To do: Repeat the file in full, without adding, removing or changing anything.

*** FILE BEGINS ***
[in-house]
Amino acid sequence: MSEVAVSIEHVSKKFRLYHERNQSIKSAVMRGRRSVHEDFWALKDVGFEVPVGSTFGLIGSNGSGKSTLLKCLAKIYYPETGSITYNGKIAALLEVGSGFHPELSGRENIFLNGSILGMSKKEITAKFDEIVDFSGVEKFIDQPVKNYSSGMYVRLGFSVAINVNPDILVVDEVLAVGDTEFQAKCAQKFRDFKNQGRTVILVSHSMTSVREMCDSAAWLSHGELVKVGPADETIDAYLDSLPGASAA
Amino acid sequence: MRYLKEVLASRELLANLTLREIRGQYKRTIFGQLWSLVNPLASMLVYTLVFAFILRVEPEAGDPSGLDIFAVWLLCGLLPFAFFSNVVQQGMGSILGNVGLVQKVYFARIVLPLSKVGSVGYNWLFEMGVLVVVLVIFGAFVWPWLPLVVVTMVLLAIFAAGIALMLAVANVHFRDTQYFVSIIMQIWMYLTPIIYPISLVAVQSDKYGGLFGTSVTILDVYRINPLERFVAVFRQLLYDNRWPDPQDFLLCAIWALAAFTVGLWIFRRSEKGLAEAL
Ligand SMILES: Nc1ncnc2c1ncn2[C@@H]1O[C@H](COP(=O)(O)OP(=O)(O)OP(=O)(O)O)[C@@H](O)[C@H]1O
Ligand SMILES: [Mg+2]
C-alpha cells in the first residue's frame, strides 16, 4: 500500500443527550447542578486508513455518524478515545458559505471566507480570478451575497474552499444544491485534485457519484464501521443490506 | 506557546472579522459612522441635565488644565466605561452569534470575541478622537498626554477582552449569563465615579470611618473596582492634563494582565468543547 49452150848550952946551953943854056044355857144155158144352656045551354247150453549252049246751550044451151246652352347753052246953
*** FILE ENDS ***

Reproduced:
[in-house]
Amino acid sequence: MSEVAVSIEHVSKKFRLYHERNQSIKSAVMRGRRSVHEDFWALKDVGFEVPVGSTFGLIGSNGSGKSTLLKCLAKIYYPETGSITYNGKIAALLEVGSGFHPELSGRENIFLNGSILGMSKKEITAKFDEIVDFSGVEKFIDQPVKNYSSGMYVRLGFSVAINVNPDILVVDEVLAVGDTEFQAKCAQKFRDFKNQGRTVILVSHSMTSVREMCDSAAWLSHGELVKVGPADETIDAYLDSLPGASAA
Amino acid sequence: MRYLKEVLASRELLANLTLREIRGQYKRTIFGQLWSLVNPLASMLVYTLVFAFILRVEPEAGDPSGLDIFAVWLLCGLLPFAFFSNVVQQGMGSILGNVGLVQKVYFARIVLPLSKVGSVGYNWLFEMGVLVVVLVIFGAFVWPWLPLVVVTMVLLAIFAAGIALMLAVANVHFRDTQYFVSIIMQIWMYLTPIIYPISLVAVQSDKYGGLFGTSVTILDVYRINPLERFVAVFRQLLYDNRWPDPQDFLLCAIWALAAFTVGLWIFRRSEKGLAEAL
Ligand SMILES: Nc1ncnc2c1ncn2[C@@H]1O[C@H](COP(=O)(O)OP(=O)(O)OP(=O)(O)O)[C@@H](O)[C@H]1O
Ligand SMILES: [Mg+2]
C-alpha cells in the first residue's frame, strides 16, 4: 500500500443527550447542578486508513455518524478515545458559505471566507480570478451575497474552499444544491485534485457519484464501521443490506 | 506557546472579522459612522441635565488644565466605561452569534470575541478622537498626554477582552449569563465615579470611618473596582492634563494582565468543547 49452150848550952946551953943854056044355857144155158144352656045551354247150453549252049246751550044451151246652352347753052246953